The authenticity and specificity of Katie Sullivan’s scenic and properties design for One in the Chamber could qualify it as a character in this engrossing new play by Marja-Lewis Ryan. Even before we meet the people whose lived-in dining room this is, we can see from the memorabilia and clutter—family photos in mismatched frames on the wall, tattered board games in a pile, a jar of peanut butter and loaf of bread amid laundry strewn upon the table—that this is a household where togetherness has transpired.
What we do not know yet is how that togetherness has been ruptured, and how each family member has been injured, by the death of a 9-year-old son six years ago when his then-10-year-old brother accidentally shot him with a gun.
Playwright Ryan has crafted the compelling narrative of this wounded, unraveling family in the form of a series of one-on-one interviews by a social worker who arrives to determine whether the surviving brother, now 16, can be let off parole. And Director Michael R. Piazza has deftly paced and shaped the family’s gradual undoing as sad and troubling disclosures steadily pile on.
A vividly imagined portrait of a family coping with the loss of a child in a gun accident, One in the Chamber is every bit the equal of David Lindsay-Abaire’s Rabbit Hole (which turned on the loss of a child in an auto accident) in making palpable through powerful theater the ineluctable presence of absence. And just as Rabbit Hole was not some tract about driver-safety education, One in the Chamber stands on its own as a play whose credibility and emotional impact derive from what happens before our eyes and hearts on stage—not policy disputes off.
This backgrounder appears on the production website:
- This play was inspired by the September 28th, 2013 article in The New York Times: Children and Guns, the Hidden Toll, which explored the rates of gun related homicides versus accidental shootings in America. According to a study cited in the The New York Times article, when 64 boys were let into a room with an inoperative .38 caliber hand gun concealed in a drawer, 2/3 handled it, 1/3 pulled the trigger and only 1 actually told an adult and he was later teased by his peers. Moreover, every day, 32 Americans are murdered with guns and 51 people kill themselves with a firearm (Brady Campaign Website).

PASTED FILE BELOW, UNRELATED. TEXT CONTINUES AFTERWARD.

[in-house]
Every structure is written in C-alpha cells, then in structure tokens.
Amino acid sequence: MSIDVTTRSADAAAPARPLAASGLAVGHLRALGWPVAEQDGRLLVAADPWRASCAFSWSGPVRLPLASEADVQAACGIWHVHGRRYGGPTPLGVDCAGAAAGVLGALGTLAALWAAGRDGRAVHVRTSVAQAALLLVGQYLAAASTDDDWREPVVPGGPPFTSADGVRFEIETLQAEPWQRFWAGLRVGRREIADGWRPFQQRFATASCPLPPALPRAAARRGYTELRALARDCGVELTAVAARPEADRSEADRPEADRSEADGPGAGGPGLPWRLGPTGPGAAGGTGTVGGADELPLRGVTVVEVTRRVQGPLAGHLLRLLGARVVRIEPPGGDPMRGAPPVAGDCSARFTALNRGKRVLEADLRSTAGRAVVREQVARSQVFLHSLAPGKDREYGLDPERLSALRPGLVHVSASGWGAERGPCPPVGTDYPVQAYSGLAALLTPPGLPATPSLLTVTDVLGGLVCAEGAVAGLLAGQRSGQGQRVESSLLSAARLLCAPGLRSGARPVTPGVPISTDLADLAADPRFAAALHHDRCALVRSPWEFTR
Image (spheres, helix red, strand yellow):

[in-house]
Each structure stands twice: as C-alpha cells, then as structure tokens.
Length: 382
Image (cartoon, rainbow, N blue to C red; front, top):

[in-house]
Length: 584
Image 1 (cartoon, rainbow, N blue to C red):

- All of these numbers represent millions of families who have been impacted by gun deaths.
Then right away comes this curious disclaimer:
- This play is not political in nature, but rather, is a fictionalized account of how one of these families managed after their loss.
Presumably this is meant to avert audience expectations of arguments pro or con gun control. (There are none as such, though a robust series of post-show events promises much expertise and lively discussion on the issue.) Yet like all good and engaging drama—or at least the kind I go to the theater for—One in the Chamber is very much and implicitly political.
In Adrienne Nelson’s nuanced performance of Helen, we see the chilling character arc of a really good mom, a super-accomplished homemaker, utterly losing it over this loss. In Dwight Tolar’s stolid performance of Charles, we see a really good dad, a hardworking breadwinner and Army Reservist, unable to hold together the family he loves. In Grace Doughty’s adorable performance of seven-year-old Ruthie, we see a child escaping family tension into a fantasy world. In Danielle Bourgeois’ captivating performance of 17-year-old Kaylee, we see a big sister fleeing the pain of her broken family in alcohol and promiscuity. And in Noah Chiet’s extraordinarily moving performance of 16-year-old Adam, the boy who killed his brother, we see a tortured soul suffering unbearable guilt. Completing the well-chosen cast, Liz Osborn as Jennifer the social worker shows us someone whose professional objectivity falters then cracks.
The narrative device of the social worker interviews, once the playwright has set it up, can make the play seem somewhat labored. We learn early on that Jennifer will have a scene with each of the family members and that Adam will come last, making the action feel formulaic. This locked-in structure means that a scene I would really like to have seen, one between Adam and Kaylee, did not and perhaps cannot happen. Also, the play’s multiple conflicts—within the family and between the family and the judicial system—sometimes feel trumped up and don’t quite cohere. (This is probably a play that would work better adapted for film.) Yet as the haunting back story of a tragic gun accident is revealed one stunning detail after another, and as we come to understand more and more how one single accidental bullet also ricocheted and caromed around a family, we cannot help but feel devastated.
One in the Chamber is a true modern tragedy, epic in its implications.
Running Time: 75 minutes, with no intermission.